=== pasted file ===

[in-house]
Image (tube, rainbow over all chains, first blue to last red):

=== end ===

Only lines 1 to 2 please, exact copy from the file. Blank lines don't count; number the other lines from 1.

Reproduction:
[in-house]
Image (tube, rainbow over all chains, first blue to last red):